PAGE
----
After: Pinot dependency graph
Introducing full SQL support on Pinot
In Pinot 0.3.0, we did two things to make Pinot’s query language richer and more accessible:
- PQL to SQL: We moved from custom PQL to Calcite SQL. Apache Calcite is a popular open source framework for building databases and data management systems. It includes a SQL parser, an API for building expressions in relational algebra, and a query-planning engine. We have leveraged the Calcite SQL parser to parse queries in SQL format. However, Pinot continues to support only a subset of SQL; for instance, joins and nested queries are not supported. This is a design choice in Pinot to focus on providing fast analytics on a single table.
- Presto-Pinot connector: Pinot natively focuses on providing fast analytics on a single table, but users can now get the Full SQL functionality with the Presto-Pinot connector. We owe this to our partners at Uber, who were early users of Pinot and became big contributors to the project, continuously helping push the boundaries of Pinot in innovative ways. Support for joins is one of Pinot’s frequently asked for features. In order to achieve this, while maintaining Pinot’s query execution speed for single table queries, the Analytics Infra team at Uber built the Presto-Pinot connector for users to perform joins on data in Pinot. Unlike other Presto connectors, the Pinot connector has many optimizations built in to get the best of Presto and Pinot, in addition to features such as predicate push-down and aggregation/group by push down. The Presto-Pinot connector helps achieve fast analytics on single tables, as well as deliver richer analytics with support for joins and nested queries.
Deep storage support
Prior versions of Pinot required shared storage—for example, NFS—to store a copy of data across controller nodes. We created the PinotFS abstraction to be able to plug in other deep storage systems (e.g. GCS, ADLS) into Pinot as well. We provided the implementations for Hadoop(pinot-hdfs) and Azure(pinot-adls) and NFS. And as a result of our efforts to make it easy for contributors to create new implementations, we merged in an open source contribution that adds support for Google Cloud Storage (pinot-gcs). S3 can be accessed via pinot-hdfs plugin, but we will also be adding a new plugin pinot-s3 based on native Amazon S3 APIs.
Enabling cloud-based deployment
One of the common pain points of the community was the absence of a standard cloud-based deployment model for Pinot. To address this, we collaborated with the open source community to add support for Kubernetes to help system administrators deploy Pinot across multiple cloud providers. We also added documentation with a step-by-step guide for getting the Pinot cluster up and running quickly on Kubernetes using Helm. Pinot clusters can now be spun up with just a few commands. Broader support for the cloud is also important for our internal use of Pinot as we look to build the next version of our infrastructure on Azure.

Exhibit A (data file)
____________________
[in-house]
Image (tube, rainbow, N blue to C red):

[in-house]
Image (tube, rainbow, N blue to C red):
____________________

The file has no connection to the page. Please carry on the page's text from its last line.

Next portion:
Another common pain point we wanted to tackle was the lack of concise documentation on getting started. We created a new set of documentation and videos, specifically targeting first-time users, for a smoother onboarding and operations experience.
With Pinot 0.3.0, we now have the ability to run Pinot on any cloud, build extensions with ease, and fully support SQL via the Presto-Pinot connector. If you are interested in learning more about Pinot, consider becoming a member of the open source community by joining our Slack channel or subscribing to our mailing list (to: firstname.lastname@example.org). You can also sign up for our upcoming virtual Pinot meetup on May 5.
We are excited to see how developers and companies are using Apache Pinot to build highly-scalable, low latency, real-time analytics applications. Feel free to ping us on Twitter (@ApachePinot) or Slack with your stories and feedback.
Finally, here is a list of resources that you might find useful if you’re interested in starting your journey with Apache Pinot.
- Docs: http://docs.pinot.apache.org
- Download: http://pinot.apache.org/download
- Getting Started: https://docs.pinot.apache.org/getting-started
We would like to thank all Pinot committers for their relentless efforts to make Pinot better, Jennifer Dai, Jackie Jiang, Jialiang Li, Kishore Gopalakrishna, Neha Pawar, Seunghyun Lee, Siddharth Teotia, Subbu Subramaniam, and Xiang Fu; and contributors from the open source community, Alex Filipchik, Chetan UK, Devesh Agrawal, Elon Azoulay, Haibo Wang, Ting Chen, Venki Korukanti, and Zhenxia Luo for their vital contributions to Pinot’s growth.
We would also like to thank the LinkedIn Pinot SRE team for operating Pinot at LinkedIn scale, and the LinkedIn leadership, Shraddha Sahay, Eric Baldeschwieler, Kapil Surlaker, and Igor Perisic, for their guidance and continued support.